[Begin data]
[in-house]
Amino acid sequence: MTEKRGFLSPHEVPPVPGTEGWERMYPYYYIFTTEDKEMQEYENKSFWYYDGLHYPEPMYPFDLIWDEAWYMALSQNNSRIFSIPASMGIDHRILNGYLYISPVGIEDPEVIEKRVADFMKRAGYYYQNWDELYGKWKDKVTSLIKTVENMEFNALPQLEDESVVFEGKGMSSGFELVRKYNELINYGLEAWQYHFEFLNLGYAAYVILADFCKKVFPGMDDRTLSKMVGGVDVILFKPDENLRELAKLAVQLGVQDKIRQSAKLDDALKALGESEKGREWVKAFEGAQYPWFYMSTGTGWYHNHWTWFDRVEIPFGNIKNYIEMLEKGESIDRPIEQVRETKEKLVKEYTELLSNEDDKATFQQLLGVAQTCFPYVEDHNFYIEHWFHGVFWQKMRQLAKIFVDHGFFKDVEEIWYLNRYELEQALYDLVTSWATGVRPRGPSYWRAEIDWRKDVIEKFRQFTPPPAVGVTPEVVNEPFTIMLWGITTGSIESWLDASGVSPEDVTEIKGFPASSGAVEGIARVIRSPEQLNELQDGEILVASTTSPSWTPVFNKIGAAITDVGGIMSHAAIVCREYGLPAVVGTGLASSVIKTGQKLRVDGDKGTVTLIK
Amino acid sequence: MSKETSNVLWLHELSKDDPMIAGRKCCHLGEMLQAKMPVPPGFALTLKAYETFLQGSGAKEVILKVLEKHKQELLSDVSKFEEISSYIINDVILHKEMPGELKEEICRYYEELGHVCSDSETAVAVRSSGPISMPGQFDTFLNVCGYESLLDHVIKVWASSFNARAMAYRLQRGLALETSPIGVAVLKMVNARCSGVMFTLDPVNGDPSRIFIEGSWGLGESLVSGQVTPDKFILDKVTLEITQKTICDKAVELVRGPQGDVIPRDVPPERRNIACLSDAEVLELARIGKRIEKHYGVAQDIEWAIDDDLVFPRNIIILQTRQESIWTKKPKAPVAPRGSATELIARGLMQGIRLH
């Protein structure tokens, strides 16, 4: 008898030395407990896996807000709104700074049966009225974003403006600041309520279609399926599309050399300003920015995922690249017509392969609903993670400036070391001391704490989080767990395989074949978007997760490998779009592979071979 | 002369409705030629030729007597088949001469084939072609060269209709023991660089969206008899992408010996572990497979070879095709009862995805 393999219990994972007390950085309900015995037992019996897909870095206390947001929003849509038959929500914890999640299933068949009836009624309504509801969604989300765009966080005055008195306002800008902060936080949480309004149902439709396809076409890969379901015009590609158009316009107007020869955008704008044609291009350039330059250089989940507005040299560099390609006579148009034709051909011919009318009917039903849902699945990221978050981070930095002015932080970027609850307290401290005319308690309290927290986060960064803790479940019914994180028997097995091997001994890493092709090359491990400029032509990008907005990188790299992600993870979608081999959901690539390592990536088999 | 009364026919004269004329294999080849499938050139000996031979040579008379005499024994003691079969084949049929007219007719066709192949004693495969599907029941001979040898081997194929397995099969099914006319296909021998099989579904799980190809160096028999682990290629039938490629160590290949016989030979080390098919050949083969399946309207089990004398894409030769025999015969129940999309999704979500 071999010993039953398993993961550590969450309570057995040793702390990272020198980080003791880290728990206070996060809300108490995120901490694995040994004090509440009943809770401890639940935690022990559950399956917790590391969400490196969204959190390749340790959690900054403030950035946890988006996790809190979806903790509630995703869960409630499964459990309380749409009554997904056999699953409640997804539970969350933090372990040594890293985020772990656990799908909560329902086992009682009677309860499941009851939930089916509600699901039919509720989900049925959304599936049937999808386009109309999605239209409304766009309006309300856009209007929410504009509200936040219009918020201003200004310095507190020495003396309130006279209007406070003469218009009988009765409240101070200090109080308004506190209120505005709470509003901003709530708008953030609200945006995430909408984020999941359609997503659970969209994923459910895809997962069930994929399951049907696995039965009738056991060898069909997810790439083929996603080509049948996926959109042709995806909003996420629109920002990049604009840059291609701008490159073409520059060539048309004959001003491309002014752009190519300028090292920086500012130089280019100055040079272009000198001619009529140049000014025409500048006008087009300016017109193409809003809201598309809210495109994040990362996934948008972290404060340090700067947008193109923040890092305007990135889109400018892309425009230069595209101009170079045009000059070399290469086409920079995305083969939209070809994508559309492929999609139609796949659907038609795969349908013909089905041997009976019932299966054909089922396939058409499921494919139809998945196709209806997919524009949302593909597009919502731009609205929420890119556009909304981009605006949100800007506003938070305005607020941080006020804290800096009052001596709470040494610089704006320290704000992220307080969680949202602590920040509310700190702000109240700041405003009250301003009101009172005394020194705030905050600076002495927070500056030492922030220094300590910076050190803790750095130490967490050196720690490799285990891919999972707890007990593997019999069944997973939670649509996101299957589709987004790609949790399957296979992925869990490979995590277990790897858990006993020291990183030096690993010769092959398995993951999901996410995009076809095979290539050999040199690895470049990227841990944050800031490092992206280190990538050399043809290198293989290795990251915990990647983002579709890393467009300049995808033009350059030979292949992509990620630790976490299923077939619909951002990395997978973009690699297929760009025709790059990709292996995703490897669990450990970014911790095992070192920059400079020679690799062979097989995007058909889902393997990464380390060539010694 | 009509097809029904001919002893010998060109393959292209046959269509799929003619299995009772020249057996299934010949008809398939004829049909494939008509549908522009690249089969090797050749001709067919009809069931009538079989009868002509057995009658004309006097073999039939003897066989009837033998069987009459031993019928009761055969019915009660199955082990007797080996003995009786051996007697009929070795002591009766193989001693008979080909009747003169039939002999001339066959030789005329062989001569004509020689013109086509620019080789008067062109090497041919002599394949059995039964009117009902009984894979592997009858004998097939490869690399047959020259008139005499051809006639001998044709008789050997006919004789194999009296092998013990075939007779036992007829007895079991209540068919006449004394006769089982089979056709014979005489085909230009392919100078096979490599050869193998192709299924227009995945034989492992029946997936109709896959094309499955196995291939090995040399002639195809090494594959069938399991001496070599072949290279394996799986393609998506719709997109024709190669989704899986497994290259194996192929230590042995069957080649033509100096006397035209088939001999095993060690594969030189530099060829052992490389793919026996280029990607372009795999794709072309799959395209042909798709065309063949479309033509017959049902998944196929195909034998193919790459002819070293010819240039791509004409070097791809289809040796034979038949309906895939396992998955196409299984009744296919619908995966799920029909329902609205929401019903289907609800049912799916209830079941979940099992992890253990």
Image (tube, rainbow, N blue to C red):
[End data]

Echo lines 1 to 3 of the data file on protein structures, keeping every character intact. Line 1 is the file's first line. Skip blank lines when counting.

[in-house]
Amino acid sequence: MTEKRGFLSPHEVPPVPGTEGWERMYPYYYIFTTEDKEMQEYENKSFWYYDGLHYPEPMYPFDLIWDEAWYMALSQNNSRIFSIPASMGIDHRILNGYLYISPVGIEDPEVIEKRVADFMKRAGYYYQNWDELYGKWKDKVTSLIKTVENMEFNALPQLEDESVVFEGKGMSSGFELVRKYNELINYGLEAWQYHFEFLNLGYAAYVILADFCKKVFPGMDDRTLSKMVGGVDVILFKPDENLRELAKLAVQLGVQDKIRQSAKLDDALKALGESEKGREWVKAFEGAQYPWFYMSTGTGWYHNHWTWFDRVEIPFGNIKNYIEMLEKGESIDRPIEQVRETKEKLVKEYTELLSNEDDKATFQQLLGVAQTCFPYVEDHNFYIEHWFHGVFWQKMRQLAKIFVDHGFFKDVEEIWYLNRYELEQALYDLVTSWATGVRPRGPSYWRAEIDWRKDVIEKFRQFTPPPAVGVTPEVVNEPFTIMLWGITTGSIESWLDASGVSPEDVTEIKGFPASSGAVEGIARVIRSPEQLNELQDGEILVASTTSPSWTPVFNKIGAAITDVGGIMSHAAIVCREYGLPAVVGTGLASSVIKTGQKLRVDGDKGTVTLIK
Amino acid sequence: MSKETSNVLWLHELSKDDPMIAGRKCCHLGEMLQAKMPVPPGFALTLKAYETFLQGSGAKEVILKVLEKHKQELLSDVSKFEEISSYIINDVILHKEMPGELKEEICRYYEELGHVCSDSETAVAVRSSGPISMPGQFDTFLNVCGYESLLDHVIKVWASSFNARAMAYRLQRGLALETSPIGVAVLKMVNARCSGVMFTLDPVNGDPSRIFIEGSWGLGESLVSGQVTPDKFILDKVTLEITQKTICDKAVELVRGPQGDVIPRDVPPERRNIACLSDAEVLELARIGKRIEKHYGVAQDIEWAIDDDLVFPRNIIILQTRQESIWTKKPKAPVAPRGSATELIARGLMQGIRLH